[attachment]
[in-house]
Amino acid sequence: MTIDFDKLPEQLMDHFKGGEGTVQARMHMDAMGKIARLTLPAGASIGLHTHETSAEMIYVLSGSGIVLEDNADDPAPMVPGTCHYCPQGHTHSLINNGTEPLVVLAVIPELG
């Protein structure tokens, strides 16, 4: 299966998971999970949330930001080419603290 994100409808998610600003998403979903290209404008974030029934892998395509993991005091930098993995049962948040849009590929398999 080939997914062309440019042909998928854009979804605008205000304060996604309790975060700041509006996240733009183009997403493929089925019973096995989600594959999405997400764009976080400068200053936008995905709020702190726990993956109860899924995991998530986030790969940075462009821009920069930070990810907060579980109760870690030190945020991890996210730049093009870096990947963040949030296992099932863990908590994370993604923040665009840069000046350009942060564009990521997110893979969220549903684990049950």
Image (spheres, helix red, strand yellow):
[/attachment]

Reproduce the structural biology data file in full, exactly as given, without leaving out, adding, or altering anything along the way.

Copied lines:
[in-house]
Amino acid sequence: MTIDFDKLPEQLMDHFKGGEGTVQARMHMDAMGKIARLTLPAGASIGLHTHETSAEMIYVLSGSGIVLEDNADDPAPMVPGTCHYCPQGHTHSLINNGTEPLVVLAVIPELG
């Protein structure tokens, strides 16, 4: 299966998971999970949330930001080419603290 994100409808998610600003998403979903290209404008974030029934892998395509993991005091930098993995049962948040849009590929398999 080939997914062309440019042909998928854009979804605008205000304060996604309790975060700041509006996240733009183009997403493929089925019973096995989600594959999405997400764009976080400068200053936008995905709020702190726990993956109860899924995991998530986030790969940075462009821009920069930070990810907060579980109760870690030190945020991890996210730049093009870096990947963040949030296992099932863990908590994370993604923040665009840069000046350009942060564009990521997110893979969220549903684990049950």
Image (spheres, helix red, strand yellow):